This process makes for a system that is much easier to design, eliminates the need for releasing accumulated CO² (which can be a hazard) and also prevents the possibility of over-pressurization if anything in the system fails. Last, the testing of fermentation will not rely on density measurements which rely on gravity (as brewers do on Earth), instead using pressure to determine sugar content.

As Han Ling, a fifth year bioengineering undergraduate student and the team’s leader, explained, “Converting the pressure buildup to fermentation progress is straightforward, as long as volume and original gravity – specific gravity before fermentation, hence our name – are known prior to the experiment.” Measuring roughly as wide as a soda can, their system is able to ferment yeast and worst to create beer, even under Lunar conditions.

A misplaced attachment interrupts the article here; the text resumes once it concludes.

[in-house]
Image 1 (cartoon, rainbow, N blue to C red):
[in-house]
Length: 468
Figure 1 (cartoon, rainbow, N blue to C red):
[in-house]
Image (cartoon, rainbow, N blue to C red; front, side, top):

In addition to being the first ever experiment to brew beer in space, their experiment will be also be the first to craft beer using such a small apparatus. A Srivaths Kaylan, a fourth year nano-engineering major and the team’s mechanical lead, indicated:

“Our canister is designed based on actual fermenters. It contains three compartments—the top will be filled with the unfermented beer, and the second will contain the yeast. When the rover lands on the moon with our experiment, a valve will open between the two compartments, allowing the two to mix. When the yeast has done it’s job, a second valve opens and the yeast sink to the bottom and separate from the now fermented beer.”

Team Original Gravity’s revolutionary brewing system. Credit: jacobsschool.ucsd.edu